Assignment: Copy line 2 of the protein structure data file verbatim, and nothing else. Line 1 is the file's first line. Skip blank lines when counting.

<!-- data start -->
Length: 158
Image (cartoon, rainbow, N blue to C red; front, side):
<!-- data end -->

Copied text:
Image (cartoon, rainbow, N blue to C red; front, side):